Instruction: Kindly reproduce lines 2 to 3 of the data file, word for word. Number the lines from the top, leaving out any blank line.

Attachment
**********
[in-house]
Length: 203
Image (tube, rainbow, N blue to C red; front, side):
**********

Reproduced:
Length: 203
Image (tube, rainbow, N blue to C red; front, side):